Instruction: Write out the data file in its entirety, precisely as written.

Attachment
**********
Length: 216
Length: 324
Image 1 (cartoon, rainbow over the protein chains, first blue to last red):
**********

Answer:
Length: 216
Length: 324
Image 1 (cartoon, rainbow over the protein chains, first blue to last red):